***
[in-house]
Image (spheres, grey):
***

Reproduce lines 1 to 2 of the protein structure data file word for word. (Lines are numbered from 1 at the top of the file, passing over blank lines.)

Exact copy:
[in-house]
Image (spheres, grey):